FINRA has also proposed expanding TRACE to cover asset-backed securities. The reporting of ABS transactions would provide FINRA with trade prices, volume and other information, thus enhancing our ability to supervise the market.

 

These developments, when combined with the move for FINRA to assume market regulation for NYSE Euronext's U.S. platforms, represent significant progress in advancing transparency and providing us with a deeper understanding of market dynamics.

 

Reform of Financial Regulation

 

One of the lessons of the last few years is that investors are vulnerable when there are gaps in our regulatory system. I talked earlier about the regulatory gaps in market surveillance. Now, let me touch on some of the financial reform issues that all of us, from the Congress and the Administration on down, are grappling with. That is how to allow for innovation and growth that meets investor needs, while eliminating regulatory gaps and avoiding inefficient regulatory overlaps.

 

The immediate task is to reform the regulatory architecture to address the vulnerabilities in the financial system and help restore investor confidence. Part of the long-term objective must be to create an architecture in which regulations can evolve to adapt to the changed circumstances in the financial sector. Because of the catastrophic nature of the recent financial crisis, almost every assumption, conviction and article of faith about financial regulation, no matter how firmly entrenched, is now up for grabs.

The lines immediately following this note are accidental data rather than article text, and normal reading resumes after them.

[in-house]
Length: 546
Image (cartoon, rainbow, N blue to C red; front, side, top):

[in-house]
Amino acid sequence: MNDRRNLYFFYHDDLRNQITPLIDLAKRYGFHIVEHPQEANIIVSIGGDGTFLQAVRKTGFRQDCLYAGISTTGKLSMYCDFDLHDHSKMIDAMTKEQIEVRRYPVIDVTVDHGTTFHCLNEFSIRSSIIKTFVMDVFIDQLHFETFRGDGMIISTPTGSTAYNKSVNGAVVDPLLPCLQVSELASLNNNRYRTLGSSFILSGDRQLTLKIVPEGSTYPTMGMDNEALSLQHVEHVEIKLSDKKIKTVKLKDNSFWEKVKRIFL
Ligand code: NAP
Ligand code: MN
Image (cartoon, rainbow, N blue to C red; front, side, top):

FINRA believes one of the most important reforms that's needed is to eliminate, or at least substantially reduce, the unequal consumer protections across product lines. We believe that anyone selling securities or providing advice, whether an investment advisor or broker-dealer, should be making recommendations that are in the best interest of the customer.

 

At this moment it remains unclear whether Congress will adopt a fiduciary standard for broker-dealers, or whether it will require that the SEC study the issue. We support a fiduciary standard for broker-dealers that provide personalized advice. But even if Congress does not immediately impose such a standard, FINRA and the industry cannot stand back as if we have learned nothing from recent history.